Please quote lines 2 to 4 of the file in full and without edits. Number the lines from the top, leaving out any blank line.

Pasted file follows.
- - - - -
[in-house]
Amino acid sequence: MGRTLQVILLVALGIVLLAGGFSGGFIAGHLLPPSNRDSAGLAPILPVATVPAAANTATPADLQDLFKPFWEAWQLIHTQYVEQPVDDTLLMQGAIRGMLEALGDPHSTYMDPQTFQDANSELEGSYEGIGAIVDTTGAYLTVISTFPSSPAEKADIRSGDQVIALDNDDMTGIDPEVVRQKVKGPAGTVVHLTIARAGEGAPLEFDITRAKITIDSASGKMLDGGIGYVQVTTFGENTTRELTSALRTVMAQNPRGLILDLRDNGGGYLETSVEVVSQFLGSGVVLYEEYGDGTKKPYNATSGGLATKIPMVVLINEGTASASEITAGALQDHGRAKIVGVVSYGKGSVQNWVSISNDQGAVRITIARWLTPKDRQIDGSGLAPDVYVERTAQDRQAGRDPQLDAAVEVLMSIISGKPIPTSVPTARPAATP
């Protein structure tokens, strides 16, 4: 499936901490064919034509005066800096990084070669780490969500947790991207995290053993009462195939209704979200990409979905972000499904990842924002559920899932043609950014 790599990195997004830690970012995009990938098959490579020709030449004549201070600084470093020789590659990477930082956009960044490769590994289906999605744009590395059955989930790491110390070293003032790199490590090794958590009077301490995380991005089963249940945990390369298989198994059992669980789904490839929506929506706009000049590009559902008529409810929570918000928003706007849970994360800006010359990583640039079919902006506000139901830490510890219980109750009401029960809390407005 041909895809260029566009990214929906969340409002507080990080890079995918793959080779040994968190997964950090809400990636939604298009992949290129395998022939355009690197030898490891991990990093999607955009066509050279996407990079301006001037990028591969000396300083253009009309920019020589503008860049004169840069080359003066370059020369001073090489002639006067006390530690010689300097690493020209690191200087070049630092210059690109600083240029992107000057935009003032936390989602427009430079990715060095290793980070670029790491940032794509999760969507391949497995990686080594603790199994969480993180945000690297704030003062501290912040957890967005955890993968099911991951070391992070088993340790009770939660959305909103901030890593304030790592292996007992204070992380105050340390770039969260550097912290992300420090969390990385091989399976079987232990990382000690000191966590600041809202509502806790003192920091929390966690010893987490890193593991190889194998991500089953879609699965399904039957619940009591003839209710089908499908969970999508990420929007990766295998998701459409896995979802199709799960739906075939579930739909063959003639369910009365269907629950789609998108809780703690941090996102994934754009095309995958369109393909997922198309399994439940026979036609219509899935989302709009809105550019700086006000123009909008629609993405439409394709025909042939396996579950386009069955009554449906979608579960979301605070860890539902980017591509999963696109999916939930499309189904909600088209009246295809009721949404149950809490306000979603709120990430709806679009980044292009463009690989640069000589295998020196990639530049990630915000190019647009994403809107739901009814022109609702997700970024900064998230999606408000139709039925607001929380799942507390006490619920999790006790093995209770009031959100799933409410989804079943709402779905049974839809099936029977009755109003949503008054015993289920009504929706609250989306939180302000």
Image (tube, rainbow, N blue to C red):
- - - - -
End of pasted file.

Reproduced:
Amino acid sequence: MGRTLQVILLVALGIVLLAGGFSGGFIAGHLLPPSNRDSAGLAPILPVATVPAAANTATPADLQDLFKPFWEAWQLIHTQYVEQPVDDTLLMQGAIRGMLEALGDPHSTYMDPQTFQDANSELEGSYEGIGAIVDTTGAYLTVISTFPSSPAEKADIRSGDQVIALDNDDMTGIDPEVVRQKVKGPAGTVVHLTIARAGEGAPLEFDITRAKITIDSASGKMLDGGIGYVQVTTFGENTTRELTSALRTVMAQNPRGLILDLRDNGGGYLETSVEVVSQFLGSGVVLYEEYGDGTKKPYNATSGGLATKIPMVVLINEGTASASEITAGALQDHGRAKIVGVVSYGKGSVQNWVSISNDQGAVRITIARWLTPKDRQIDGSGLAPDVYVERTAQDRQAGRDPQLDAAVEVLMSIISGKPIPTSVPTARPAATP
């Protein structure tokens, strides 16, 4: 499936901490064919034509005066800096990084070669780490969500947790991207995290053993009462195939209704979200990409979905972000499904990842924002559920899932043609950014 790599990195997004830690970012995009990938098959490579020709030449004549201070600084470093020789590659990477930082956009960044490769590994289906999605744009590395059955989930790491110390070293003032790199490590090794958590009077301490995380991005089963249940945990390369298989198994059992669980789904490839929506929506706009000049590009559902008529409810929570918000928003706007849970994360800006010359990583640039079919902006506000139901830490510890219980109750009401029960809390407005 041909895809260029566009990214929906969340409002507080990080890079995918793959080779040994968190997964950090809400990636939604298009992949290129395998022939355009690197030898490891991990990093999607955009066509050279996407990079301006001037990028591969000396300083253009009309920019020589503008860049004169840069080359003066370059020369001073090489002639006067006390530690010689300097690493020209690191200087070049630092210059690109600083240029992107000057935009003032936390989602427009430079990715060095290793980070670029790491940032794509999760969507391949497995990686080594603790199994969480993180945000690297704030003062501290912040957890967005955890993968099911991951070391992070088993340790009770939660959305909103901030890593304030790592292996007992204070992380105050340390770039969260550097912290992300420090969390990385091989399976079987232990990382000690000191966590600041809202509502806790003192920091929390966690010893987490890193593991190889194998991500089953879609699965399904039957619940009591003839209710089908499908969970999508990420929007990766295998998701459409896995979802199709799960739906075939579930739909063959003639369910009365269907629950789609998108809780703690941090996102994934754009095309995958369109393909997922198309399994439940026979036609219509899935989302709009809105550019700086006000123009909008629609993405439409394709025909042939396996579950386009069955009554449906979608579960979301605070860890539902980017591509999963696109999916939930499309189904909600088209009246295809009721949404149950809490306000979603709120990430709806679009980044292009463009690989640069000589295998020196990639530049990630915000190019647009994403809107739901009814022109609702997700970024900064998230999606408000139709039925607001929380799942507390006490619920999790006790093995209770009031959100799933409410989804079943709402779905049974839809099936029977009755109003949503008054015993289920009504929706609250989306939180302000």
Image (tube, rainbow, N blue to C red):